There are few phrases more daunting than ‘regulatory compliance’ when it comes to protecting the safety and legality of your records. It is, however, increasingly important to understand your responsibilities to best safeguard your business against any risk of fines, persecution or civil actions. By understanding the essential elements of regulatory compliance, you can give yourself peace of mind knowing you’ve protected your business from loss or legal vulnerabilities.

Legislative Retention Requirements

There is no one-size-fits-all when it comes to legislative retention requirements. Different regulations are applied to different types of information and vary between industries. It’s critical that you familiarise yourself with the regulations and specifics that apply directly to your documents. For example, contracts and agreements relating to the maintenance of IT infrastructure should be kept for at least seven years. Contracts and agreements in the real estate industry, however, need to be kept for a minimum of fifteen years. Certain documents need to be kept for much longer periods of time, for example, copyright information should be kept for at least seventy years. Documents pertaining to insurance, policies or claims, should be kept indefinitely.

Typically, however, documents need to be retained for a period between five and seven years. It is imperative that you are familiar with the regulations pertinent to your industry.

ISO 54189

In considering the evidentiary value or your organisation’s information, the AS ISO 54189 standard is the primary guidance standard when it comes to maintaining your information management system.

The standard is comprehensive, to say the least, but you can save yourself from drowning in compliance legalese by understanding the following key elements:

  • Information systems and retention processes should be designed to protect information against unauthorised access, loss or destruction.
  • Organisations need to maintain a policy and set up appropriate guidelines for moving information from one archiving system to another.
  • Systems for the electronic retention of information should be designed to ensure the information remains accessible, auditable, authentic, reliable and usable during the retention period, regardless of any system changes.
  • Organisations need to be able to prove that the content of a particular electronic record or data file has not been altered since its creation at the date of storage.

There are three main “risk-areas” in managing your information:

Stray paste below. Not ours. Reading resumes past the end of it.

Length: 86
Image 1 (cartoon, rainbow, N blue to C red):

• Unauthorised Access
    • Whether accidental or deliberate, unauthorised access can result in theft or leakage of intellectual property, violation of privacy principles or the alteration or destruction of information that needs to be retained.
  • Inability to Locate Information
    • If your information is not stored in a structured manner, time, money and resources can be lost to search and recovery.
  • Inappropriate Protection of Information
    • Inappropriate protection could result in loss or damage to information either from degradation due to the storage environment – paper mould, mildew or atrophy of magnetic media – or damage due to external events such as flood or fire.

The Legal Considerations of Information Management

There are a number of legal issues pertaining to the requirements that you need to consider in establishing and maintaining your organisation’s information management.

The primary concerns include:

  • The legal requirement that certain contracts must be in writing.
  • Whether or not legal obligations exist in your industry sector to retain certain types of information in hard copy paper format.
  • The legal requirements with regards to the conversion of written documentation stored in an electronic format.

It’s critical to know your legal obligations and regulatory compliance. Minimum and maximum retention periods should be known and adhered to, the evidentiary value of stored information should be understood as should the legislation around the retention and accessibility of electronically stored information. By familiarising yourself with the basics at your earliest opportunity, you can arm yourself against any legal vulnerability.